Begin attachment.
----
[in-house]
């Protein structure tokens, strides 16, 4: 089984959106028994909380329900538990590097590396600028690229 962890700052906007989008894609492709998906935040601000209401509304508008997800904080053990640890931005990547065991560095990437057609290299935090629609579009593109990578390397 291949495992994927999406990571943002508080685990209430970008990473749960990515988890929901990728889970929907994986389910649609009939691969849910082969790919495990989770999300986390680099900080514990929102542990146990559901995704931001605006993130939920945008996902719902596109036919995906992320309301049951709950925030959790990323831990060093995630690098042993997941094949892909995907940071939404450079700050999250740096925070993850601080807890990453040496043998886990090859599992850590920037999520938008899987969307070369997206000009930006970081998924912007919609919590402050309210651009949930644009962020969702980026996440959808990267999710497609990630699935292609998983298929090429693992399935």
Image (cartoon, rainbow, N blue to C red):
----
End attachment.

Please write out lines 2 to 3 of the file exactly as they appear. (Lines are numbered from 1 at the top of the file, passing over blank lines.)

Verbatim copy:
């Protein structure tokens, strides 16, 4: 089984959106028994909380329900538990590097590396600028690229 962890700052906007989008894609492709998906935040601000209401509304508008997800904080053990640890931005990547065991560095990437057609290299935090629609579009593109990578390397 291949495992994927999406990571943002508080685990209430970008990473749960990515988890929901990728889970929907994986389910649609009939691969849910082969790919495990989770999300986390680099900080514990929102542990146990559901995704931001605006993130939920945008996902719902596109036919995906992320309301049951709950925030959790990323831990060093995630690098042993997941094949892909995907940071939404450079700050999250740096925070993850601080807890990453040496043998886990090859599992850590920037999520938008899987969307070369997206000009930006970081998924912007919609919590402050309210651009949930644009962020969702980026996440959808990267999710497609990630699935292609998983298929090429693992399935």
Image (cartoon, rainbow, N blue to C red):